placeholder image

The European court of human rights ruling against the policy of keeping fingerprints and DNA samples of criminal suspects in Britain, Wales and Northern Ireland: the case of S. and Marper v United Kingdom

Conference Paper


Download full-text (Open Access)

Abstract


  • In England, Wales and Northern Ireland, the Police and Criminal Evidence Act 1984

    (the PACE) contained powers for the taking of fingerprints, and samples in the form of

    deoxyribonucleic acid (DNA). In 2001, Section 64(1A) of the PACE was substituted with

    Section 82 of the Criminal Justice and Police Act. The change to legislation meant that a

    suspect of a crime would have their fingerprints and samples permanently stored on the

    police national computer (PNC) even after having been acquitted. This paper critically

    analyses the circumstances of the landmark case of S. AND MARPER V. THE UNITED

    KINGDOM in two different contexts (i) within relevant domestic law and materials; and (ii)

    within relevant national and international materials. A comparison is made between the

    rejection of the application to the Administrative Court on 22 March 2002, a subsequent

    decision to uphold this ruling by the Court of Appeal on 12 September 2002, and a further

    dismissal of an appeal by the applicants in the House of Lords on 22 July 2004. This

    is in direct contrast with a later ruling by the European Court of Human Rights (ECHR)

    that was made on 27 February 2008 which in effect rendered Section 82 of the Criminal

    Justice and Police Act to be in breach of human rights. In closing, the paper considers

    the reforms instituted by the United Kingdom thus far in response to the ECHR ruling,

    and their implications on the European Union (EU) at large with respect to elements of

    the Prüm Treaty.

Publication Date


  • 2010

Citation


  • Michael, K. (2010). The European court of human rights ruling against the policy of keeping fingerprints and DNA samples of criminal suspects in Britain, Wales and Northern Ireland: the case of S. and Marper v United Kingdom. In S. Bronitt, C. Harfield & K. Michael (Eds.), The Social Implications of Covert Policing (pp. 131-155). Wollongong, Australia: University of Wollongong Press.

Ro Full-text Url


  • http://ro.uow.edu.au/cgi/viewcontent.cgi?article=10893&context=infopapers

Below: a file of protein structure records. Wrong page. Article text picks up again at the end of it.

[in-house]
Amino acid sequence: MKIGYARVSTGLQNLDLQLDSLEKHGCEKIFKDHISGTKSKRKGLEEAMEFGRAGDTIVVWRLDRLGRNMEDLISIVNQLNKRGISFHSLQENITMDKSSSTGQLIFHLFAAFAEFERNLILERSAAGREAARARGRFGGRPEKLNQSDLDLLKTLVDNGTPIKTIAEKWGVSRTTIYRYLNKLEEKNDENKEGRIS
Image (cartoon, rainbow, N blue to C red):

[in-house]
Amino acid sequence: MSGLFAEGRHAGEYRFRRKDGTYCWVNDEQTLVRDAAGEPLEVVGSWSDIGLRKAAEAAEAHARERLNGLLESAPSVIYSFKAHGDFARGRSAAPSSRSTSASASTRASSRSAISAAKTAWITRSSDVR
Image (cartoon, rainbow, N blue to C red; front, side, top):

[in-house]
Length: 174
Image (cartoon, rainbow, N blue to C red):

Ro Metadata Url


  • http://ro.uow.edu.au/infopapers/3557

Start Page


  • 131

End Page


  • 155

Place Of Publication


  • Wollongong, Australia

Abstract


  • In England, Wales and Northern Ireland, the Police and Criminal Evidence Act 1984

    (the PACE) contained powers for the taking of fingerprints, and samples in the form of

    deoxyribonucleic acid (DNA). In 2001, Section 64(1A) of the PACE was substituted with

    Section 82 of the Criminal Justice and Police Act. The change to legislation meant that a

    suspect of a crime would have their fingerprints and samples permanently stored on the

    police national computer (PNC) even after having been acquitted. This paper critically

    analyses the circumstances of the landmark case of S. AND MARPER V. THE UNITED

    KINGDOM in two different contexts (i) within relevant domestic law and materials; and (ii)

    within relevant national and international materials. A comparison is made between the

    rejection of the application to the Administrative Court on 22 March 2002, a subsequent

    decision to uphold this ruling by the Court of Appeal on 12 September 2002, and a further

    dismissal of an appeal by the applicants in the House of Lords on 22 July 2004. This

    is in direct contrast with a later ruling by the European Court of Human Rights (ECHR)

    that was made on 27 February 2008 which in effect rendered Section 82 of the Criminal

    Justice and Police Act to be in breach of human rights. In closing, the paper considers

    the reforms instituted by the United Kingdom thus far in response to the ECHR ruling,

    and their implications on the European Union (EU) at large with respect to elements of

    the Prüm Treaty.

Publication Date


  • 2010

Citation


  • Michael, K. (2010). The European court of human rights ruling against the policy of keeping fingerprints and DNA samples of criminal suspects in Britain, Wales and Northern Ireland: the case of S. and Marper v United Kingdom. In S. Bronitt, C. Harfield & K. Michael (Eds.), The Social Implications of Covert Policing (pp. 131-155). Wollongong, Australia: University of Wollongong Press.

Ro Full-text Url


  • http://ro.uow.edu.au/cgi/viewcontent.cgi?article=10893&context=infopapers

Ro Metadata Url


  • http://ro.uow.edu.au/infopapers/3557

Start Page


  • 131

End Page


  • 155

Place Of Publication


  • Wollongong, Australia